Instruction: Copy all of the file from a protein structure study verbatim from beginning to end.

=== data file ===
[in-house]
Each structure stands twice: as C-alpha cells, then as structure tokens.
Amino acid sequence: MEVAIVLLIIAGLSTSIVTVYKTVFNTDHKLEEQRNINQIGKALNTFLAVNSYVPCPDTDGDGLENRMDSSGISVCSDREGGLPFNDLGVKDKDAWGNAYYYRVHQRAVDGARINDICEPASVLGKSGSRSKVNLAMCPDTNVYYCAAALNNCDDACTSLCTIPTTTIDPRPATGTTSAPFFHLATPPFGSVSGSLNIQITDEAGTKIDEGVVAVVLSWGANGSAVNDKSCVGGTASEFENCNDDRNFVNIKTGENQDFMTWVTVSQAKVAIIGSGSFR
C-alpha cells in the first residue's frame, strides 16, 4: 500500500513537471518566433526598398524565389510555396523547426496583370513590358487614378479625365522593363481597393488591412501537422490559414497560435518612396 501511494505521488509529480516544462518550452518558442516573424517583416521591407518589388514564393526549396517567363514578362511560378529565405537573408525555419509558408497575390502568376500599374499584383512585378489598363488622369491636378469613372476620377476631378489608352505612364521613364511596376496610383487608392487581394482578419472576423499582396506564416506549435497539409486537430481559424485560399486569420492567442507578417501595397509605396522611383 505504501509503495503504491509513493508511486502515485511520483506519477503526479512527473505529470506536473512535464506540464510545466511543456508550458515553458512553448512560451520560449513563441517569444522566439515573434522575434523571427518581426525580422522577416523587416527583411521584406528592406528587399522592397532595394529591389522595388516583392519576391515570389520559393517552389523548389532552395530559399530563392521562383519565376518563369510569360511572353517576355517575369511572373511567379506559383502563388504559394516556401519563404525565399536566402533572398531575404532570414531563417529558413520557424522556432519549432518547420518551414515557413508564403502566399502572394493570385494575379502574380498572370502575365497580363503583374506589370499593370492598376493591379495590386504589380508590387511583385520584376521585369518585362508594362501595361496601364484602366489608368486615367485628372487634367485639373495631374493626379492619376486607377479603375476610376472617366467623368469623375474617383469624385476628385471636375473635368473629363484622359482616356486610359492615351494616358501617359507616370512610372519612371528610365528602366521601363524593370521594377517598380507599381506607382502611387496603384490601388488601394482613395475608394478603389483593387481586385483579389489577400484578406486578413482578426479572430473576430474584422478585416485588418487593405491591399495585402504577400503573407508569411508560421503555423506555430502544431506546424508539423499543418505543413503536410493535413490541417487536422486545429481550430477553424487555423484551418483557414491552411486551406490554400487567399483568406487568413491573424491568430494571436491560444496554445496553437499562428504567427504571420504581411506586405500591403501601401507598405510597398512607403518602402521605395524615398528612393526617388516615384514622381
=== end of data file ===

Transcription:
[in-house]
Each structure stands twice: as C-alpha cells, then as structure tokens.
Amino acid sequence: MEVAIVLLIIAGLSTSIVTVYKTVFNTDHKLEEQRNINQIGKALNTFLAVNSYVPCPDTDGDGLENRMDSSGISVCSDREGGLPFNDLGVKDKDAWGNAYYYRVHQRAVDGARINDICEPASVLGKSGSRSKVNLAMCPDTNVYYCAAALNNCDDACTSLCTIPTTTIDPRPATGTTSAPFFHLATPPFGSVSGSLNIQITDEAGTKIDEGVVAVVLSWGANGSAVNDKSCVGGTASEFENCNDDRNFVNIKTGENQDFMTWVTVSQAKVAIIGSGSFR
C-alpha cells in the first residue's frame, strides 16, 4: 500500500513537471518566433526598398524565389510555396523547426496583370513590358487614378479625365522593363481597393488591412501537422490559414497560435518612396 501511494505521488509529480516544462518550452518558442516573424517583416521591407518589388514564393526549396517567363514578362511560378529565405537573408525555419509558408497575390502568376500599374499584383512585378489598363488622369491636378469613372476620377476631378489608352505612364521613364511596376496610383487608392487581394482578419472576423499582396506564416506549435497539409486537430481559424485560399486569420492567442507578417501595397509605396522611383 505504501509503495503504491509513493508511486502515485511520483506519477503526479512527473505529470506536473512535464506540464510545466511543456508550458515553458512553448512560451520560449513563441517569444522566439515573434522575434523571427518581426525580422522577416523587416527583411521584406528592406528587399522592397532595394529591389522595388516583392519576391515570389520559393517552389523548389532552395530559399530563392521562383519565376518563369510569360511572353517576355517575369511572373511567379506559383502563388504559394516556401519563404525565399536566402533572398531575404532570414531563417529558413520557424522556432519549432518547420518551414515557413508564403502566399502572394493570385494575379502574380498572370502575365497580363503583374506589370499593370492598376493591379495590386504589380508590387511583385520584376521585369518585362508594362501595361496601364484602366489608368486615367485628372487634367485639373495631374493626379492619376486607377479603375476610376472617366467623368469623375474617383469624385476628385471636375473635368473629363484622359482616356486610359492615351494616358501617359507616370512610372519612371528610365528602366521601363524593370521594377517598380507599381506607382502611387496603384490601388488601394482613395475608394478603389483593387481586385483579389489577400484578406486578413482578426479572430473576430474584422478585416485588418487593405491591399495585402504577400503573407508569411508560421503555423506555430502544431506546424508539423499543418505543413503536410493535413490541417487536422486545429481550430477553424487555423484551418483557414491552411486551406490554400487567399483568406487568413491573424491568430494571436491560444496554445496553437499562428504567427504571420504581411506586405500591403501601401507598405510597398512607403518602402521605395524615398528612393526617388516615384514622381